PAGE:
While PatternFly does offer some accessible components today, the team is doubling down on efforts this year to help make Red Hat products more universally accessible. The first step? Understanding the needs and experiences of users.
Meeting Governor Morehead School
Governor Morehead School (GMS) in Raleigh, North Carolina serves the special needs of visually impaired students. In November of 2017, Red Hatters Jenn Giardino and Sara Chizari from PatternFly and Mark Caron from the customer portal team collaborated along with other Red Hat associates to host a workshop at Red Hat’s Raleigh site, where GMS students used assistive technologies like screen readers to interact with Red Hat products and PatternFly components. The results were illuminating.
“When we put our designs in front of people and observe them, … we learn what we can do to make the designs more usable,” said Jenn. ”Being able to put our UIs in front of these students and watch them interact, we figure out what information they’re trying to get out of the application, and what they’re using to navigate the page.”
It’s information we would never get without the help of the Governor Morehead School. And information that changes the way we think about building truly accessible products.
Challenging our assumptions
“I came in with this assumption that screen reader users would use the tab key on their keyboards to navigate a page.” said Jenn. “And so, if it’s keyboard accessible and everything has a text label, it’s going to be accessible to a screen reader user.”
While keyboard accessibility is still important, and having adequate text for purely visual elements is also crucial, this assumption about how a screen reader user accesses a web page didn’t match what the team observed.
“The screen reader is a layer on top of the application—it provides its own set of keys for interacting with page contents, and its own methods for navigating a page. A screen reader user might start by scanning a list of page headings to get an idea of the overall content of the page. If the user knows they need a link, they’ll pull up the list of page links,” she said. “So it puts huge emphasis on writing semantic HTML and having a solid information architecture. If the HTML elements we choose don’t align with the users’ expectations, we could be hiding huge sections of content from them. We’d never know that if we hadn’t had the opportunity to test it.”
Over 10 weeks, Jenn, Mark, and Sara will continue to work with the GMS students to test products and components for accessibility, gaining new and valuable insights from this student community. And the team is committed to expanding their research moving forward.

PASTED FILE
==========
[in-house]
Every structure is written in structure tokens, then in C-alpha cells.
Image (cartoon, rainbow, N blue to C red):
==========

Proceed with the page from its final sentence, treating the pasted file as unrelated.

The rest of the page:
We built new login pages
We like to make a good first impression. The new login has an updated look and feel, responsive design, and supports a whole bunch of use cases like:
Login from a social media or third party account (like Google or GitHub)
Single sign-on (SSO)
Multi-factor login scenarios
The design document provides guidance on how to handle common errors that might occur during the login process. Check out all the new login pages on our website here: Login Page, Multi-Factor Login, Single Sign-On.
We revised the Filter pattern
The new and improved Filter pattern is more modular and flexible. The basic interaction model for filtering content from a toolbar remains unchanged, but the new pattern explains how you can use a variety of filter triggers to support different use cases. We also introduced two new filter trigger patterns:
We changed the hover color for rows in a List View from light gray to light blue. “But why?” you might ask. Two reasons:
Better consistency between hover styles for lists and tables
To avoid confusion between a hover state and an expanded state for lists that support row expansion
More consistency and less confusion? Double yes!
We improved the recommendations form validation
We updated the Errors and Validation pattern to clarify how and when we should validate the information users enter on forms. The updated recommendations cover how to handle the differences between client-side and server-side validation and when to disable submit buttons.
And so much more!
We made tons of incremental updates and small additions since last fall to improve the quality and consistency of the pattern library and generate new patterns.
We want to give a special shout out to all of the designers who contributed to the work we’ve featured here.
A hearty PatternFly thank you to Kyle Baker, Michael Coker, Jenny Haines, Colleen Hart, Leslie Hinson, Chris Shinn, Haley Wang, June Zhang, Melody Zhong, and Tao Zhu.
Our goal is to recognize all of the contributors who keep PatternFly moving forward. If there’s anyone we missed, please forgive us! And then let us know so we can make a big fuss about them in our next Wrap-Up.